As specialists in colorectal surgery, we are aware people find it difficult to discuss or attend to colon and rectal problems that they may be experiencing. That is why our office is focused on making you feel comfortable and relaxed about your treatment.
Here are the signs and symptoms that you need to know about that could possibly lead to a colorectal disorder. If you have experienced any of these signs or symptoms, please call us to set up an appointment.
Many times the exact cause of abdominal pain can be hard to pinpoint. The severity of your pain, its location, and other symptoms you have may help determine what is causing the pain.
Mild pain or cramps that become more severe over several hours may be a symptom of a bowel obstruction.
Cramping is a type of pain that comes and goes or changes in position or severity. Cramping is rarely serious if it is relieved by passing gas or a stool. Many women have cramping pain with their menstrual periods. Generalized cramping pain is usually not a cause for concern unless it gets worse, lasts for longer than 24 hours, or localizes. Cramping that starts suddenly with diarrhea or other minor health problems can be quite painful but is usually not serious.
Many medicines can cause abdominal pain. Some medicines also cause side effects, such as constipation, that can make abdominal pain worse.
Occasionally, severe pain that comes on suddenly may be a symptom of an injury or a symptom of a serious condition. Schedule an appointment if severe abdominal pain is new or a different mild pain slowly becomes more severe over several hours or days.
Anal and rectal itching (pruritus) is usually not a sign of a serious disease. The skin may appear red, but itching and scratching may make the skin turn white.
Common causes include hemorrhoids, infections, diet, excessive use of vitamin C or caffeine, medicines such as antibiotics that cause diarrhea or constipation, poor or excessive cleaning, and the use of scented toilet paper, scented soap or over-the-counter ointments such as Preparation H.
Leakage of stool from the anus is fecal incontinence. Leakage of mucus and blood from the anus are symptoms of a more serious condition called rectal prolapse.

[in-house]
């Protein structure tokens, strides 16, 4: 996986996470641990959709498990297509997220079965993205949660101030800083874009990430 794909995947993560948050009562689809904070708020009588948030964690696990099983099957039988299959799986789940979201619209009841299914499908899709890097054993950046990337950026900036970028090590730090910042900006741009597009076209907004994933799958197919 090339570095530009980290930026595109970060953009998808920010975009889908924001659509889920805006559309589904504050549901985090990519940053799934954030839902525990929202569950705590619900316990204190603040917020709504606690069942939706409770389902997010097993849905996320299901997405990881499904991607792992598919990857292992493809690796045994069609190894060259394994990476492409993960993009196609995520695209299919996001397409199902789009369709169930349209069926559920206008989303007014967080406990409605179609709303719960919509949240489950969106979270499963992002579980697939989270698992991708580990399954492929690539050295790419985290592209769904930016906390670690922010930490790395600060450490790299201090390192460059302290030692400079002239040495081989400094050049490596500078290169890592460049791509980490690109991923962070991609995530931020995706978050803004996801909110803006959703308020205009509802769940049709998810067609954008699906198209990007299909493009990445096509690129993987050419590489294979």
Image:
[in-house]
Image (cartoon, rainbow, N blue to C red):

Anal or Rectal Pain
Anal or rectal pain may be caused by an anal fissure, diarrhea, constipation, or anal itching and scratching. Other less common causes include hemorrhoids, anal abscesses and fistulas or rectal prolapse, injury, infection, diseases such as Crohn’s and ulcerative colitis or even colon cancer or rectal cancer. Schedule an appointment to talk with our doctors about your symptoms.
Blood in Stool
Blood in the stool means there is bleeding somewhere in your digestive tract. It may be obvious to the eye or unnoticeable. Sometimes the amount of blood is so small that it can only be detected by a fecal occult test. At other times it may be visible on toilet tissue or in the toilet after a bowel movement.
Possible causes of blood in stool include:
- Hemorrhoids. Swollen veins in the anal canal. More than half the U.S. population will develop hemorrhoids.
- Diverticular disease. Diverticula are small pouches that project from the colon wall. Usually diverticula don’t cause problems, but sometimes they can bleed or become infected.
- Anal fissure. A small cut or tear in the tissue lining the anus similar to the cracks that occur in chapped lips or a paper cut. Fissures are often caused by passing a large, hard stool and can be painful.
- Ulcerative colitis. Inflammation of the colon. Among the more common causes are infections or inflammatory bowel disease.
- Polyps or cancer. Polyps are benign growths that can grow, bleed, and become cancerous. Colorectal cancer is the third most common cancer in the U.S. It often causes bright red bleeding or even bleeding that is not noticeable with the naked eye.
It is important to have our doctors evaluate any bleeding in the stool. Any details you can give about the bleeding will help us locate the site of bleeding.